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Wolfe v. Berryhill

United States District Court, C.D. California

March 21, 2017

PENNY ELIZABETH WOLFE, Plaintiff,
v.
NANCY A. BERRYHILL, Acting Commissioner of Social Security, Defendant.

          MEMORANDUM OPINION AND ORDER

          KAREN E. SCOTT, UNITED STATES MAGISTRATE JUDGE

         Plaintiff Penny Elizabeth Wolfe ("Plaintiff) appeals the final decision of the Administrative Law Judge ("ALJ") denying her application for disability insurance benefits ("DIB"). For the reasons discussed below, the Court concludes that the ALJ failed to make required findings concerning the transferability of Plaintiff's job skills. The decision of the Social Security Commissioner is therefore REVERSED and the matter is REMANDED for further proceedings consistent with this opinion.

         I. BACKGROUND

         Plaintiff applied for DIB on July 30, 2013, alleging disability commencing March 1, 2013. Administrative Record ("AR") 13, 57. An ALJ conducted a hearing on October 16, 2014, at which Plaintiff, who was represented by an attorney, appeared and testified. AR 29-56.

         On January 15, 2015, the ALJ issued a written decision denying Plaintiffs request for benefits. AR 13-24. The ALJ found that Plaintiff had the following severe impairments: "spondylosis of the cervical and lumbar spine; unspecified myalgia and myositis with a history of fibromyalgia; atypical chest pain; hypertension; and obesity." AR 15.

         Notwithstanding her impairments, the ALJ concluded that Plaintiff had the residual functional capacity ("RFC") to perform a reduced range of "light" work with the following additional limitations: "lift and/or carry 20 pounds occasionally and 10 pounds frequently; she can stand and/or walk for 2 hours of an 8-hour workday with regular breaks; she can alternate between sitting and standing every 2 hours; she can sit for 6 hours out of an 8-hour workday with regular breaks; she can occasionally climb ramps and stairs, stoop, kneel, crouch, and crawl; she cannot climb ladders, ropes, or scaffolds; and she cannot work at unprotected heights." AR17.

         Based on this RFC and the testimony of a vocational expert ("VE"), the ALJ found that Plaintiff could perform her past relevant work as a financial customer service representative. AR 69-70. Therefore, the ALJ concluded that Plaintiff is not disabled. Id.

         II. ISSUES PRESENTED

         Issue One: Whether the ALJ erred in determining that Plaintiff can perform her past relevant work, and if so, whether that error was harmless.

         Issue Two: Whether the ALJ failed to account for Plaintiff's hand impairments in formulating the RFC. Joint Stipulation ("JS") at 7.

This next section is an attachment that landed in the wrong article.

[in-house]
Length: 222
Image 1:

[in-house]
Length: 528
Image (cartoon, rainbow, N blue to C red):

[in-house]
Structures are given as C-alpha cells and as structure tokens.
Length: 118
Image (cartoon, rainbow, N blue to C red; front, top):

III. DISCUSSION

         A. The ALJ erred in determining that Plaintiff can perform her past relevant work.

         1. Relevant Proceedings.

         At the hearing, the VE testified that Plaintiff's past relevant work was "best categorized" as customer service representative (financial), Dictionary of Occupational Titles ("DOT") 205.362-026. AR 48. The VE further testified that this job is "skilled" work requiring "light" exertion. Id. The ALJ asked Plaintiffs counsel if he objected to this classification of Plaintiff s past relevant work, and counsel responded, "no." Id.

         The ALJ next asked the VE three questions concerning whether a hypothetical person with various limitations could perform Plaintiffs past relevant work. AR 48-50. The first two hypotheticals were not consistent with Plaintiffs RFC as ultimately determined by the ALJ, because they posited standing/walking for 6 hours each workday rather than only 2 hours. Compare AR 17 with AR 48-49. The third hypothetical question was consistent with Plaintiffs RFC. Compare AR 17 with AR 50. The VE testified that the third hypothetical person (i.e., someone with Plaintiffs RFC) could not do Plaintiffs past work. AR 50.

         The ALJ next asked the VE if the third hypothetical person (who was assumed to have Plaintiffs work experience) would have "any transferrable skills." Id. The VE testified that the hypothetical person would have transferable "customer service skills." Id. The ALJ asked the VE to "list" the "other work" to which those transferrable skills would apply. The VE identified two sedentary jobs that would fit within the RFC described in hypothetical three: (1) customer service representative (radio and television broadcasting, telephone and telegraph, utilities, waterworks), DOT 239.362-014, and (2) order clerk, DOT 249.362-026. AR 50-51.

         When the ALJ wrote her decision, however, she mistakenly found that the VE testified that someone with Plaintiffs RFC could perform her past relevant work. AR23. Even the Commissioner concedes this was error. JS at 19. The Commissioner, however, argues that this error was harmless, because Plaintiff could do the other two jobs identified by the VE as consistent with Plaintiff's transferable skills. Id.

         Plaintiff disputes the Commissioner's assertion of harmless error. Because she was a person of "advanced age" whose RFC limits her to a reduced range of "light" work, Plaintiff contends that the ALJ was required to make special, additional findings concerning the amount of vocational adjustment Plaintiff would need to make to perform the two new jobs identified by the VE. JS at 17 n.1112; at 20-21.

         B. The ALJ failed to make required findings concerning the transferability of Plaintiffs job skills, precluding a finding of harmless error.

         1. Threshold Classifications.

         When a claimant is older or assessed with an RFC that limits them to sedentary or light work, Social Security regulations require the ALJ to make special findings regarding the transferability of job skills. ...


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